When celebrated entrepreneur Nandan Nilekani returned in the middle of 2017 to chair Infosys, the Indian IT pioneer he helped create more than three decades earlier, it was to draw a line under an ignominious chapter in the company’s history.
A public row involving everyone from founder Narayana Murthy to the board had culminated in the resignation of the then chief executive, amid damaging anonymous complaints and an accusation that Infosys paid “hush money” to a former director. The crisis both smashed the company’s share price and gripped corporate India.
Two years later, they could be forgiven for feeling déjà-vu. A new round of whistleblower complaints, purportedly penned by current employees of the Bangalore-based company and this time alleging accounting irregularities, has led to a dismal week for the outsourcing company.
Infosys’ share price at the Bombay Stock Exchange fell over 15 per cent on Tuesday, the US Securities and Exchange Commission launched a probe and the company is now facing a class-action lawsuit in the US. India’s securities regulator has also asked Infosys for more information about the complaints.
“There’s a tonne of emotion from across the country,” said Sanchit Vir Gogia, founder of advisory firm Greyhound Research. “Infosys is such a darling of the country.”
Until this week there was comfort that Infosys was faring better under the steady stewardship of Mr Nilekani, one of India’s most-recognisable business leaders-turned-policy makers, and chief executive Salil Parekh, poached from French rival Capgemini in late 2017. The company signed large contracts worth $2.8bn in the last quarter, and just last month its shares were at record highs.
Bullish investors bet the company was regaining its hard-earned reputation as one of the jewels of corporate India. Founded by Mr Murthy and six other engineers with $250 in capital in 1981, Infosys helped put India on the global business radar by convincing multinationals to outsource their back-office work to its teams of workers. Its services include setting up and managing their clunky IT systems — streamlining an otherwise time-consuming process.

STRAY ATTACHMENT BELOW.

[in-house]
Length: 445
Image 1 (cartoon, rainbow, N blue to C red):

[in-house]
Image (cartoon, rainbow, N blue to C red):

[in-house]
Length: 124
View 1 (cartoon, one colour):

It now employs 200,000 and rakes in $12bn in annual revenues.
Infosys and its peers represented a new breed of savvy, global-facing companies that avoided the less-transparent dealings associated with many of India’s established, family-owned businesses. Mr Murthy also won praise for championing “compassionate capitalism” in a country with stark inequality.
That allure — and the premium it helped add to the outsourcer’s stock — has been dealt yet another blow. Analysts are not forecasting a swift recovery.
In letters penned to the company’s board and the SEC in late September and early October, the whistleblowers alleged that top executives oversaw a string of “distributing unethical practices,” and say they have emails and voice recordings to support their claims.
These include efforts to boost short-term financial results through aggressive and irregular accounting, pressure not to reveal key information to auditors and the board and the sidelining of employees who disagreed, according to the complaint, copy of which was seen by the Financial Times.
“Several billion dollar deals of last few quarters have nil margin,” the complaint says.
The writers — calling themselves “ethical employees” — also took issue with Mr Parekh’s alleged use of company money to fund personal trips between Mumbai and Bangalore.
The accusations sparked an outcry when they surfaced in Indian media this week, raising questions as to why Mr Nilekani and the board had not made the allegations public sooner.
After a rout in its US-listed shares on Monday — India’s stock market was closed because of local elections — Mr Nilekani put out a statement the next day reassuring investors that the company had appointed a law firm to investigate and referred the claims to its board and auditors.
“These complaints are being dealt with in an objective manner,” he said, adding that Mr Parekh would be recused from the investigation to ensure its independence.
On Thursday, Infosys revealed that the SEC had launched its probe into the complaints and it was facing a class-action lawsuit, prompting further weakness in its stock. “The company intends to defend itself vigorously in such a lawsuit,” Infosys said.
Mr Nilekani and a spokeswoman said the company would have no further comment. Mr Parekh could not be reached for comment separately.
One shareholder expressed dismay that the board didn’t publicly respond faster, particularly given that the personnel changes of 2017 were intended in part to reassure investors that governance concerns would not be repeated.
“You’ve got to take some extreme step because the allegation is so fundamental,” the shareholder said. “The standard expected for Infosys is higher. That’s where the premium comes from . . . Fundamentally it’s trust that has been impacted.”
Analysts said the allegations risked cementing a shift in investor preference toward shares of Tata Consultancy Services, the company’s main outsourcing rival. Tata Consultancy shares have risen almost 2 per cent this week.
The concerns are “unlikely to be resolved near term,” said analysts at Nomura. “The fact that it comes from its own employees raises serious questions on the matter.”
The renewed anxiety over governance comes at a time when India’s outsourcers are under pressure to develop nimbler, digitally-savvy models that excel in growth areas like artificial intelligence and connected devices, rather than their traditional, labour-intensive model.
But analysts say what might previously have been a contained dispute for Infosys has acquired new gravity with the looming SEC probe.
“There are too many battles to be fought at the same time,” Mr Gogia said of Greyhound Research.